New approaches to tennis that adjust both facilities and programming are ensuring that players stay in the game for life.
According to the Physical Activity Council (PAC), tennis is the only “traditional participation sport” that has seen growth over the past eight years, with 6% overall growth from 2014 to 2016. However, as all sports suffer the ill effects of what the PAC calls an “inactivity pandemic,” in which 83 million Americans of all ages report “no physical activity,” the tennis industry is not content with resting on its laurels.
Creating the Need
On November 12, 2016, The Clubs at Houston Oaks in Hockley, Texas made a commitment to tennis when it officially opened its new tennis facility. The club previously offered two recreational courts attached to a basketball court, but “you couldn’t actually call it a tennis center,” says Chief Executive Officer Roland Rutjens. The facility also had no tennis program or in-house pro.
To help facilitate the popularity of Cardio Tennis, a high-energy, calorie-burning workout, the Tennis Industry Association is offering training courses for instructors across the country throughout 2017, with costs ranging from $110-$285. The following training events are scheduled for the remainder of the year:
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Visit www.cardiotennis.com to sign up for a training course.
“Everything else at the club was at a professional level, and the only thing missing was a comprehensive tennis program,” says Rutjens. “We built six state-of-the-art courts and engaged Liezel and Tony Huber, two pros at the top of their game, to build the program.”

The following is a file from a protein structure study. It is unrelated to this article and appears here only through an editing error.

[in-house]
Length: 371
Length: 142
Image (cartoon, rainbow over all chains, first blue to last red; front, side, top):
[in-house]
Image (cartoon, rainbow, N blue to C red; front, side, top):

The outdoor court complex features professional LED lighting and medium-speed Har-Tru courts that are designed for all levels of play.
“We think Houston has ideal weather, and we want people to be outdoors all the time, making it part of their lifestyle,” says Tennis Director Liezel Huber, who competed in the 2008 and 2012 Olympic Games. “For the first time, the coming generation is expected to live a shorter lifespan than the current generation, so we want to be proactive and try to meet members’ need for fun, as well as their health needs.”
When deciding to build the tennis amenity, Rutjens says the club’s setting was already perfect for a dedicated tennis environment. “We have 1,000 acres, so we don’t wait for a need—we build something and create and fulfill the need,” he says.
The tennis program at Houston Oaks includes packages for players of all levels, using video to focus on footwork, tactical and technical skills, and strokes. “Being a professional tennis player, it becomes mundane to practice the same thing over and over, so we try to be innovative and offer variety,” Liezel Huber says. “We recently had a member say ‘Wow, I’ve been here five months and haven’t done the same thing twice.’ Our goal for the members is to show them what the pros are doing now.”
Though Houston Oaks already had members when its tennis program started, “we didn’t know who was already a good tennis player,” Liezel Huber says. The tennis program is now focusing primarily on growing participation among juniors through its excellence program, partially because many tennis-focused college scholarships are available, especially for young females.
“This is where Liezel stands out, as an Olympic champion,” says Rutjens. “Kids in this program learn that they won’t always win and that it’s OK to lose. We’re giving life lessons to younger generations—it’s not only about winning, but about how you approach life.”
Programming for All
In 2016, the U.S. Tennis Association (USTA) announced it would begin testing a short-court version of tennis called POP Tennis, played on 36- and 60-foot tennis courts (vs. the full-size, 78-foot-long court) with red, orange and green lower-compression balls and short racquets or paddles.